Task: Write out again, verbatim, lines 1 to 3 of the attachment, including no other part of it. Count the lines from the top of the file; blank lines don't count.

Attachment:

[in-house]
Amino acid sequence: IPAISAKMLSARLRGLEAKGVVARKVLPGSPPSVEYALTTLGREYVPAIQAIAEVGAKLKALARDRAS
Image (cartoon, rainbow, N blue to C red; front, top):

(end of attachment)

[in-house]
Amino acid sequence: IPAISAKMLSARLRGLEAKGVVARKVLPGSPPSVEYALTTLGREYVPAIQAIAEVGAKLKALARDRAS
Image (cartoon, rainbow, N blue to C red; front, top):